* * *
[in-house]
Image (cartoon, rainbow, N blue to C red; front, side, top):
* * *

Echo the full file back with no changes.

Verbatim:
[in-house]
Image (cartoon, rainbow, N blue to C red; front, side, top):